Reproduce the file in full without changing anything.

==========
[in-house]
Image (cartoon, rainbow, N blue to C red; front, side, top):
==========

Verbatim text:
[in-house]
Image (cartoon, rainbow, N blue to C red; front, side, top):